"The Author, it must be remembered, writes from his own standpoint!"
My personal "Interpretive" Lens!

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"One thing has always been true: That book ... or ... that person who can give me an idea or a new slant on an old idea is my friend." - Louis L'Amour

"Ideally, your self-defense will never get physical. Avoiding the situation and running or talking you way out - either of these is a higher order of strategy than winning a physical battle." - Wise Words of Rory Miller, Facing Violence: Chapter 7: after, subparagraph 7.1:medical

"Read not to contradict and confute; nor to believe and take for granted; nor to find talk and discourse; but to weigh and consider..." - Francis Bacon

Warning, Caveat and Note: The postings on this blog are my interpretation of readings, studies and experiences therefore errors and omissions are mine and mine alone. The content surrounding the extracts of books, see bibliography on this blog site, are also mine and mine alone therefore errors and omissions are also mine and mine alone and therefore why I highly recommended one read, study, research and fact find the material for clarity. My effort here is self-clarity toward a fuller understanding of the subject matter. See the bibliography for information on the books.

Note: I will endevor to provide a bibliography and italicize any direct quotes from the materials I use for this blog. If there are mistakes, errors, and/or omissions, I take full responsibility for them as they are mine and mine alone. If you find any mistakes, errors, and/or omissions please comment and let me know along with the correct information and/or sources.

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Multiple Style Training, Is it Beneficial?

Blog Article/Post Caveat (Read First Please: Click the Link)

Systems and styles, for me, seem to be more about variations in the application of principles. It would therefore answer the question, is the training in multiple systems or styles beneficial.

First, multiple systems and styles rely totally and completely on fundamental principles where the differences of a system or style become preferences.

Second, multiple systems and style presentations are beneficial to self-defense if for no other reason the exposure, exposure that makes that presentation an awareness so when encountered it will not come as a surprise causing your mind to freeze because you don’t know that is coming at you.

Third, if one truly focuses on the principles then the first and second comment become mute. Focusing on principles then applying them under the adrenal stress conditions of reality focuses your mind of your goals of applying principles to stop damage, etc.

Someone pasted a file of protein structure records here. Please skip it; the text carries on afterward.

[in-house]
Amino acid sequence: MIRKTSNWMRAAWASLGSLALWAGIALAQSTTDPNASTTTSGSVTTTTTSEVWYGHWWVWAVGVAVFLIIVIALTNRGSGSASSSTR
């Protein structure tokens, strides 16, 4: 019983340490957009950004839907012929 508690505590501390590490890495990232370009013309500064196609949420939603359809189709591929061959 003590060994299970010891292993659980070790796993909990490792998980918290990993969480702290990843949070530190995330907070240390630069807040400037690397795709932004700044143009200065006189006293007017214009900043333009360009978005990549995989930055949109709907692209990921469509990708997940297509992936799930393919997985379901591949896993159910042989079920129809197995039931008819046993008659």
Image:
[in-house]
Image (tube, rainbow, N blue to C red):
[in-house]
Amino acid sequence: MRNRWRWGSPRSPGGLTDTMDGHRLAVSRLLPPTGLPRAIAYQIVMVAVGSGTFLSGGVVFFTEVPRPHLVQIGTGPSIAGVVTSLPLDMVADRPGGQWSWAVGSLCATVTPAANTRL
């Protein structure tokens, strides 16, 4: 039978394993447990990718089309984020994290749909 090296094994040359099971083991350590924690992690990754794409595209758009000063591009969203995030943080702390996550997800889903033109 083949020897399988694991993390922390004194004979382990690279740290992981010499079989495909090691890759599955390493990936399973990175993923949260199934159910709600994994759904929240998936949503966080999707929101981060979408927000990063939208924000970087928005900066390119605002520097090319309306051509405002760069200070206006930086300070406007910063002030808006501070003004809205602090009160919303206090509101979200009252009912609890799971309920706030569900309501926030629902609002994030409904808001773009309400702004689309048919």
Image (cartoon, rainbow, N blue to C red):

Here, let me put it this way, every martial artists has heard the old maxim that if you learn one system or style completely, if you master it, then all other styles are understood. That is only true if you look beyond those other styles to see the principles underneath. The old saying applies even more to kata, to learn one kata well means you learn all the other easily and quickly.

In truth, regardless of the model and method, if you spend your time learning the principles and apply that knowledge to achieve understanding the system or style is superfluous to that study, learning, practicing and understanding. A person who has studied and mastered the fundamental principles of martial disciplines can then expose themselves to the various systems and styles and will in essence know them as they are applied through the same principles. 

The maxims of old were the best way to explain the study and learning of principles for the kata is one of the best ways to learn those principles for to teach kata properly is to teach the principles, not just technique based training for performances, etc. The limits of technique based training are just surface fluff and principles cross over all other models and methods, they take you past the book cover of kata or style or system and present the story itself of the principles. 

Modern times and the advancement of understanding along with higher ability of humans to articulate due to advancement in communications, sciences, etc., provide us the ability to convey the complexities that didn’t exist in times of old. Through the advancement of modern times we have found the key to open doors that once kept limits on how knowledge and skill was taught and passed down. 

Now that we can see principles through the efforts of the sciences we can now articulate and teach them without a need to assign them to any kata, system or style. Principles make systems and styles obsolete except in fulfilling the needs of humans, tribes and societal distinctions toward our nature and natural way.